Prosecuting Sexual Offences

The challenge
Since the Jimmy Savile revelations there has been a significant increase in historic sexual abuse allegations. The police have launched a number of operations, with Operation Yewtree and Operation Hydrant being the most well-known, with over 1,400 suspects identified between them. The situation is further compounded by crimes committed through the internet.

This increase in accusations has caused the criminal justice system to struggle. The nature and scale of the offences has meant that ever increasing resources are needed to investigate and prosecute, causing other crimes to be neglected and increasing the risk of miscarriages of justice. Recent cases that have collapsed due to non-disclosure of unused material demonstrate the difficulty being faced.

The increased reporting of sexual offences and the grave nature of such offences requires an adequate criminal justice response. The volume, gravity and complexity of these offences requires an adequate response to ensure access to justice for victims and the right to a fair trial for suspects. The aim of this working party is to create recommendations to ensure that there is an adequate response. This will encompass all stages of the criminal justice process: (1) investigation; (2) the decision to charge; (3) prosecution; (4) sentencing and (5) offender programmes and recidivism reduction. Solutions to this issue will undoubtedly require increasing the efficiency of the criminal  justice  response. Where efficiency solutions are considered, these  must take into account the right to a fair trial, and in particular, the presumption of innocence.

The Working Party
This Working Party will examine how the approach to investigation, prosecution and sentence has evolved in light of the increase in reported sexual crime. Its remit will cover England and Wales and Scotland. It will make practical recommendations with a view to reducing the burden on the police, the courts and all other actors in the process. It will specifically address the problems encountered in the prosecution of historic and online offences.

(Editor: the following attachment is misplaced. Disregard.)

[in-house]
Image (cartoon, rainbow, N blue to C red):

In pursuing its aims, the Working Party will review:

  • the decision to prosecute minor offences, and specifically  young and very old people, to identify whether there are appropriate alternatives in certain circumstances;
  • investigation and prosecution to see whether delay and lengthy processes can be avoided  through, for example, technology, special procedures and dedicated courts; and
  • the treatment and offender programmes available for sex offenders to identify the best options in reducing recidivism.

The Working Party will consider the approach in comparative jurisdictions, and identify best practice solutions where they are relevant to its work. The Working Party’s recommendations will be designed so as not to encroach upon a defendant’s absolute right to a fair trial, or to erode complainant rights in any way.

The members of the working party are: